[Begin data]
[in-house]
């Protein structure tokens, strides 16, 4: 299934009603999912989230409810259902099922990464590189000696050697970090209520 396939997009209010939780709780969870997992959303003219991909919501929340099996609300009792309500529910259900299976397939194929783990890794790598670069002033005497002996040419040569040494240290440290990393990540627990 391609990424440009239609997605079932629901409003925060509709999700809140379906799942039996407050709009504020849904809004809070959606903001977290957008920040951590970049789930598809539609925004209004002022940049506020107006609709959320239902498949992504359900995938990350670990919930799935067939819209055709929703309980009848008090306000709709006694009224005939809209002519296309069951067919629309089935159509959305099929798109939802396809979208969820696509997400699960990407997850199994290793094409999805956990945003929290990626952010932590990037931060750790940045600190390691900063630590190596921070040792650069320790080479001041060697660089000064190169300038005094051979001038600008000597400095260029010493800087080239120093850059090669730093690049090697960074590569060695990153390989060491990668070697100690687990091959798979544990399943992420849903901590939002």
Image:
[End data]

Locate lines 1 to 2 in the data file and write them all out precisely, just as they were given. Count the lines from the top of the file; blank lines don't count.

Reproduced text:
[in-house]
């Protein structure tokens, strides 16, 4: 299934009603999912989230409810259902099922990464590189000696050697970090209520 396939997009209010939780709780969870997992959303003219991909919501929340099996609300009792309500529910259900299976397939194929783990890794790598670069002033005497002996040419040569040494240290440290990393990540627990 391609990424440009239609997605079932629901409003925060509709999700809140379906799942039996407050709009504020849904809004809070959606903001977290957008920040951590970049789930598809539609925004209004002022940049506020107006609709959320239902498949992504359900995938990350670990919930799935067939819209055709929703309980009848008090306000709709006694009224005939809209002519296309069951067919629309089935159509959305099929798109939802396809979208969820696509997400699960990407997850199994290793094409999805956990945003929290990626952010932590990037931060750790940045600190390691900063630590190596921070040792650069320790080479001041060697660089000064190169300038005094051979001038600008000597400095260029010493800087080239120093850059090669730093690049090697960074590569060695990153390989060491990668070697100690687990091959798979544990399943992420849903901590939002």